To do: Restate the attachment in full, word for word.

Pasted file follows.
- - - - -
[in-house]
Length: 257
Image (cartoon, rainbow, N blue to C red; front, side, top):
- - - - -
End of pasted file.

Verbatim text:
[in-house]
Length: 257
Image (cartoon, rainbow, N blue to C red; front, side, top):